Graham Beaton BHSc, ND
Doctor of Naturopathic Medicine

Osteoarthritis is a chronic degenerative condition that affects most individuals late in life. This condition results in damage to joints, which can lead to joint deformity, and can cause pain and decreased mobility.

In a healthy normal joint, two components are responsible to ensure normal and painless motion. They are the synovium and cartilage. The synovium, is a fluid filled membrane that surrounds the joint and its fluid, synovial fluid, is a lubricant that supplies cartilage with oxygen and nutrients. Cartilage is a tissue that covers the ends of bones. It acts as a slippery surface in the joint and is able to resist the compression between bones during movement. If either of these tissues is damaged and begins to deteriorate, osteoarthritis develops.

In the onset of the disease, either the surface of the cartilage or the synovium becomes inflamed and swollen. This change affects the ability of the cartilage to concentrate fluid as a lubricant, and the surface of the cartilage becomes damaged. As this progresses the cartilage loses its elasticity and ability to concentrate water, increasing its susceptibility to be damaged. As the cartilage is destroyed, the ends of the bones in the joint may be left unprotected. This process may be made worse as the body attempts to heal the damaged tissue, resulting in abnormal growth of both bone and cartilage.

While the cause of osteoarthritis is not known, several factors are known to play a role in the development and progression of the disease, including injury, genetics, obesity, biomechanical factors and age. For instance one study showed that individuals who suffered knee injuries were five times more likely to have osteoarthritis in the affected knee than individuals who did not experience a knee injury.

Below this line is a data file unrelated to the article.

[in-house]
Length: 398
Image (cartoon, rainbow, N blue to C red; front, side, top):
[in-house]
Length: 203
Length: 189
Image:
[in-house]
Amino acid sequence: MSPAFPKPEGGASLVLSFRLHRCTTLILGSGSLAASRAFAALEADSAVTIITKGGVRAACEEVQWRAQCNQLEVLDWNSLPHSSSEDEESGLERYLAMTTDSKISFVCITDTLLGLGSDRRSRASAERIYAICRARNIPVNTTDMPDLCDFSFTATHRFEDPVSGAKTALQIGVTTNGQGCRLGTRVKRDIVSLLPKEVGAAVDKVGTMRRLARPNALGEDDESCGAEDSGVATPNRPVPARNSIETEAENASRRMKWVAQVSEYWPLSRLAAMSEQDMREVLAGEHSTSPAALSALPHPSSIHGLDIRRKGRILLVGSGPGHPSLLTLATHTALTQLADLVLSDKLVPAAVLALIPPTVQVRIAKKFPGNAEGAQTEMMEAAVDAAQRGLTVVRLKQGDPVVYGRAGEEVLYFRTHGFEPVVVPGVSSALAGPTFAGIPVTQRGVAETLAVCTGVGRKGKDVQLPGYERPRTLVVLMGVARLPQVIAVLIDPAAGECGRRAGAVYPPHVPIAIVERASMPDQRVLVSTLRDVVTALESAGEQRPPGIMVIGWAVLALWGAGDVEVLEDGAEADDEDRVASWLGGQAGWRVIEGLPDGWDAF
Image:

Obesity is another risk factor for the development and progression of osteoarthritis. While higher risk is related to increased weight on the joints, it has been found that obese individuals also have increased risk for osteoarthritis in non-weight bearing joints, such as in the fingers. This occurs as a result of increased inflammation.

There are several biomechanical factors that can influence the onset and development of osteoarthritis. These include misalignment of joints, joint laxity, and decreased sense of body position (i.e. proprioception) as related to coordinated movement. Thus it is important to be physically active in order to maintain muscle strength and coordination. Also, participating in exercises such as yoga may help to increase balance and proprioception, which may encourage proper loading of joints.

Graham Beaton, Doctor of Naturopathic Medicine, advises on nutrition and lifestyle in order to decrease pain, inflammation and support joint health. Furthermore, he practices acupuncture which has shown to be effective in the management of joint pain and osteoarthritis.

If you have any questions about osteoarthritis, Naturopathic Medicine, or Acupuncture can help you, please call 613-290-6115. Graham is in practice in the Golden Triangle neighborhood of downtown Ottawa.